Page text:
Situated on the Caspian Sea, the oil-rich country of Azerbaijan is undergoing rapid transformation to become the cultural destination of the Caucasus. Shaking off former Soviet ties—from which it gained independence in 1991—Baku, Azerbaijan’s capital city, continues to open itself up to international exchange economically and also in arts and culture. In recent years, the surge of national wealth centered primarily in Baku—a city of roughly 4 million people—has seen the rise of the middle-class, thus attracting the infiltration of luxury goods and services. On March 25, for instance, the British retail chain Harvey Nichols opened its first outpost in Baku and this summer, American entrepreneur Donald Trump will debut Trump International Hotel and Tower in the city’s Nasimi District.
In 2012, Baku was named host of the inaugural edition of the European Games, set to open in June 2015, which will bring to the city 6,000 athletes from across 50 European countries. In preparation for the event—which is estimated to cost USD 8 billion—Baku has initiated citywide construction projects, launching a building boom to match high-flying ambitions on par with those seen in Abu Dhabi’s Saadiyat Island in terms of its scale but also, rather ominously, in its alleged abuses to migrant labor conditions.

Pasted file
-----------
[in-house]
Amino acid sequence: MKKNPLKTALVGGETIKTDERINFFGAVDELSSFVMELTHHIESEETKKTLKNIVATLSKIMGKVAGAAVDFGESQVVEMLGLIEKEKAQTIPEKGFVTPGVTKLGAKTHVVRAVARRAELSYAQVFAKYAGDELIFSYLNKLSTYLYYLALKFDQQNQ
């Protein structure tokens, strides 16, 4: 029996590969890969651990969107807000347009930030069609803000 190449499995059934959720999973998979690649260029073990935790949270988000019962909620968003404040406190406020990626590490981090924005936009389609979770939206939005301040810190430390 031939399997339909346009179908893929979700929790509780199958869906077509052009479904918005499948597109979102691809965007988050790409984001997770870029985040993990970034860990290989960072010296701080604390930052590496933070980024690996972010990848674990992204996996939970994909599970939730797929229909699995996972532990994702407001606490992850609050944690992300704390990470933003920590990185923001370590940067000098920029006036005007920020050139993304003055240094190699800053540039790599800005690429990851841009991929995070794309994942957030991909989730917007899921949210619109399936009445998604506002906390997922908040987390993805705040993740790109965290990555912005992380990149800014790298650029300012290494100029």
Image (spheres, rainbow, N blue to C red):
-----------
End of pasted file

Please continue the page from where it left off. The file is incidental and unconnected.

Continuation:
Nevertheless, the impending growth of Azerbaijan has galvanized the country’s contemporary art, a scene predominantly fostered in Baku. The city’s main arts organization Yarat, a non-profit founded by a group of local artists in 2011, supports Azeri art at home and abroad. In March, Yarat opened its first permanent space in Baku and invited ArtAsiaPacific to its spacious new premises with the launch of a group show “Making Histories,” organized with selected works from Yarat’s permanent collection, and a new commission by Iranian-American artist Shirin Neshat, The Home of My Eyes (2015). Here’s a look at Yarat’s growing ventures and other cultural venues around Baku.
All photos by Sylvia Tsai for ArtAsiaPacific.
On March 21, Azerbaijan—along with other Muslim communities in the Middle East, South and Central Asia—celebrated Navroz, a week-long national holiday marking the first day of Spring and the beginning of a new year.
From the Old City to the Baku Boulevard, a six-kilometer-long promenade—that will expand to 15 kilometer by June in time for the European Games—along the Caspian Sea dotted with restaurants, hotels, parks and Azerbaijani culture museums.